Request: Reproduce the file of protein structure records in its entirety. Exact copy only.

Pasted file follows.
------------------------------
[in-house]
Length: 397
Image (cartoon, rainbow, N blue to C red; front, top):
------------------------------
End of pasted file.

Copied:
[in-house]
Length: 397
Image (cartoon, rainbow, N blue to C red; front, top):